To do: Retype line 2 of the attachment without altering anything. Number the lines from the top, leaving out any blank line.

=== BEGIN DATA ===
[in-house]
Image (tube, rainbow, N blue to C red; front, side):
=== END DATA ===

Image (tube, rainbow, N blue to C red; front, side):